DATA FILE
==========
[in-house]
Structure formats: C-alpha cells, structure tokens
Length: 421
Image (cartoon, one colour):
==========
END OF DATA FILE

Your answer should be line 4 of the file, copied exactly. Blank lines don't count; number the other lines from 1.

Image (cartoon, one colour):